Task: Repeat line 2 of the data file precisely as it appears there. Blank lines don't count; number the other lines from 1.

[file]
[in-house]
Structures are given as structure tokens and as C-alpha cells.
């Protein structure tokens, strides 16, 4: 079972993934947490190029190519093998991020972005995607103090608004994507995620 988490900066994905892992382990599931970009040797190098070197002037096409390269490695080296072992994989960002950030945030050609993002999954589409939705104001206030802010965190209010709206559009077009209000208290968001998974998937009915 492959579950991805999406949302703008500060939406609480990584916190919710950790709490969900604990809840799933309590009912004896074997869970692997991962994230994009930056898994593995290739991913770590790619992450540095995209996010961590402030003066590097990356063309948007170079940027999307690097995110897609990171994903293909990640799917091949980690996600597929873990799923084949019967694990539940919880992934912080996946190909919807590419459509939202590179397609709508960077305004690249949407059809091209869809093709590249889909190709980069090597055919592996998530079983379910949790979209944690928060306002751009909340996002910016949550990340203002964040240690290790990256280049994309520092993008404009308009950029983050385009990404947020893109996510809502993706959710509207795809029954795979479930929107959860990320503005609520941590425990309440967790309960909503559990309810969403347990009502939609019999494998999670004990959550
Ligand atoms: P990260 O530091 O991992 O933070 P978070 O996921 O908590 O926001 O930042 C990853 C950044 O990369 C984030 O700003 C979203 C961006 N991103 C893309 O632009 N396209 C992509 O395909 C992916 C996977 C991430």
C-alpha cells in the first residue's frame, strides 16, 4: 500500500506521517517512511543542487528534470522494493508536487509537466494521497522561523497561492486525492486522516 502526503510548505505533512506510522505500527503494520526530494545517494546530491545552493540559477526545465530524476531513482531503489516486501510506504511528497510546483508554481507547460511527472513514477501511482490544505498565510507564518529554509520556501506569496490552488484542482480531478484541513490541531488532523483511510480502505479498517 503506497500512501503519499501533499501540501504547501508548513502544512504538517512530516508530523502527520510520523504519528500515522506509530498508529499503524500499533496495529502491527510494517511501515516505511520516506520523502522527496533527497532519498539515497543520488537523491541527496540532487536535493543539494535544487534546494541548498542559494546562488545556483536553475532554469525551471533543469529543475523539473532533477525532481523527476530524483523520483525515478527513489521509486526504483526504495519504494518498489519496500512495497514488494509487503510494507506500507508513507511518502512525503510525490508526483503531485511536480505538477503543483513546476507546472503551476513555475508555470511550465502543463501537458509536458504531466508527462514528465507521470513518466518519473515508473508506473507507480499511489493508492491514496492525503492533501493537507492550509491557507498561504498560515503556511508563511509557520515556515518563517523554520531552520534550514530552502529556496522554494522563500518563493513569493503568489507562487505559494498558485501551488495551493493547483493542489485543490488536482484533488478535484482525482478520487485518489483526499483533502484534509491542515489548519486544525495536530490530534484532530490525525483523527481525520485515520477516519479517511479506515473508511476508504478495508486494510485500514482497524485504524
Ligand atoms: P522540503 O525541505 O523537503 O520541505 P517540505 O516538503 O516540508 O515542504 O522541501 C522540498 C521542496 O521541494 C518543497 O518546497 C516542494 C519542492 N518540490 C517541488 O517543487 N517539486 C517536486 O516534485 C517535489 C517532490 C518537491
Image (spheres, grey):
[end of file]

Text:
Structures are given as structure tokens and as C-alpha cells.